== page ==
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  • Plasma modelling | New SOLPS-ITER code version launched

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Of Interest

See archived entries

Fusion fashion

A collision of worlds

As Gabriela Hearst, the Creative Director of the fashion brand Chloé, is quick to tell you, she is very excited about hydrogen fusion. She had read about ITER and other fusion projects in an article in the Financial Times in 2021, which sparked her imagination. Always in search of new inspiration and innovative approaches to sustainability, she organized a visit to ITER with her creative team. This visit, and her research into fusion in all its forms, including at Commonwealth Fusion Systems and Helion, inspired her Spring-Summer 2023 collection, revealed last week during the Paris Fashion Week.

In Paris on a donut-shaped runway, under pink-plasma-hued lights, luxury fashion brand Chloé's spring-summer collection 2023 draws inspiration from fusion. (Click to view larger version...)
In Paris on a donut-shaped runway, under pink-plasma-hued lights, luxury fashion brand Chloé's spring-summer collection 2023 draws inspiration from fusion.
A day before the Chloé show, Hearst invited representatives from fusion to meet with her team and fashion journalists to explain the link between fusion and fashion, which is, admittedly, not immediately apparent. Explaining her fascination with fusion and its link to her new line, Hearst said, "The focus of our research was fusion energy as a large-scale, peaceful, clean energy source. What I didn't expect to experience from our visits to ITER (public sector), Commonwealth Fusion Systems and Helion (private sector) was the powerful passion that overtook me to tell the good news to everyone that would listen. The energy that moves our universe will, in the not-so-distant future, help power our world and solve many of our concerns today."  She added, "To me, sustainability is an energy issue ... and until we find a way to get ourselves out of fossil fuels and coals, which move this world around 85% of the time, we're done."

When asked what he thought about Hearst's passion for fusion, ITER's Head of Communications Laban Coblentz replied frankly, "I know very little about fashion, and to be honest when Gabi wrote to ask about visiting ITER, I will admit that I didn't know who she was. But when she and her team visited ITER, I was stunned because she was the most well-educated layperson on the topic of fusion I had ever met. You could see, on the worksite tour, that she was familiar with the components and features from her reading. It was an inspiring collision of worlds."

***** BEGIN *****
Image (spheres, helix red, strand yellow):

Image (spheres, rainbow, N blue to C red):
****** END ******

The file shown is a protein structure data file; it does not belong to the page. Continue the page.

Tokamak references were incorporated into the circular designs of the cut-outs in the clothing, the accessories, and even into metallic buttons that resembled components. Isotope shapes were interpreted as rivets on denim. Even the runway was in the form of a donut, with a pink-plasma-hued light show shining circles around the models, and hanging LED rings that pulsed with light and were placed similarly to a tokamak's vertical coils.

Designed by Chloé's Creative Director Gabriela Hearst, the collection reflected the colours and shapes in the ITER Assembly Hall. (Click to view larger version...)
Designed by Chloé's Creative Director Gabriela Hearst, the collection reflected the colours and shapes in the ITER Assembly Hall.
Hearst is well-versed in using her platform of fashion to address global challenges and is at the forefront of sustainability in the fashion industry—which, according to the World Bank, is responsible for 10% of global carbon emissions. Although fashion can seem like a distant world to some scientists and engineers, its impact and reach are indisputable. The fashion show was a fusion of light, clothes, and creativity, but also a genuine effort to raise the awareness of new audiences about fusion and hope. As Shira Tabachnikoff, ITER's internal and stakeholder relations manager said, "We're at the cusp of fusion being the next form of energy but we need all the minds, and this is an amazing channel to raise awareness."

Fusion is not just a science story; it is also a human story with the power to ignite the imagination. As Hearst says, "I have deep gratitude for the star-builders that not only deal with one of the hardest challenges in physics—plasma—but also, through their eyes, see a future that is as bright as the stars we are made of."



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